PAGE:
Whether you ponder over a discovery or explore it further depends on an area of the brain that has now been discovered.
The study has linked the mechanism governing this 'eureka' moment from exploration to malfunction in addiction and certain mental disorders.
In the study, the researchers Emmanuel Procyk and colleagues presented monkeys with a choice of touch targets on a computer screen, requiring the monkeys to spend time exploring which target would trigger a juice reward.
Once the monkeys discovered the reward target, the researchers then gave the animals a period during which they could repeatedly touch the reward target to obtain more juice.
During the trials, the researchers recorded the electrical activity of hundreds of neurons in the Anterior Cingulate Cortex (ACC), a brain region known to be active in adaptive behaviours such as the shift between exploring and exploiting.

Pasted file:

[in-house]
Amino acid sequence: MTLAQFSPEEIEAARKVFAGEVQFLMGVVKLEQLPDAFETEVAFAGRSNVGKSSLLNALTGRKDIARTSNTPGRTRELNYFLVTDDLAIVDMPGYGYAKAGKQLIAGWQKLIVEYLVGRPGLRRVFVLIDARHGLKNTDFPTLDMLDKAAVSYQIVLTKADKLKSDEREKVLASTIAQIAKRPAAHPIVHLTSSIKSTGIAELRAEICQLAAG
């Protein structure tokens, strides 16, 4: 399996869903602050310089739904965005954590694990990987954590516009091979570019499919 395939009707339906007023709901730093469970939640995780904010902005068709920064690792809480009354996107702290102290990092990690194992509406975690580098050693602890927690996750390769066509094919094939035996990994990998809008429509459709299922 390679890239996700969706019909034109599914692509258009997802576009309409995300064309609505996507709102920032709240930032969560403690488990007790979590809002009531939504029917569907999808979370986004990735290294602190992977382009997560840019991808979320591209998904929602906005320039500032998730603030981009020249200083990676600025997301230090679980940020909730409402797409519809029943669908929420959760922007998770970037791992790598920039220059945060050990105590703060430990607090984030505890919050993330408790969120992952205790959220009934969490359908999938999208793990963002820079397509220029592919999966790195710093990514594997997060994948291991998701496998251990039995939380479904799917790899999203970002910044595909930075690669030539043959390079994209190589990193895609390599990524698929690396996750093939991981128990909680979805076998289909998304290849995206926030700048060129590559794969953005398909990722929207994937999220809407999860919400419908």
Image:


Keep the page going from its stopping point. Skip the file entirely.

In their analysis, the researchers measured the electrophysiological activity of cells during four different types of feedback—incorrect choices, first reward, repetition of the reward, and the ending of a trial by breaking fixation on the targets.
The researchers concluded: "Our data show that ACC discriminates between different types of feedback, allowing appropriate behavioural adaptations."
"Thus, the function we attribute to ACC activations is clearly not only to evaluate feedbacks but is also to participate in monitoring the different steps of the task at hand to optimise action adaptation and valuation. A dysfunction of these mechanisms represents the core feature of cognitive alterations observed in addiction and mental illness.
"The ACC produces signals that discriminate between various behaviourally relevant positive and negative feedbacks, suggesting a role in triggering appropriate adaptations. Our data reinforce the proposal that ACC is important for establishing action valuations. But they also emphasize a combined role in monitoring events/actions for behavioural regulation when task control is high, underlining the intimate link between control and action valuation," the researchers added.
The study is published in the journal Neuron, published by Cell Press.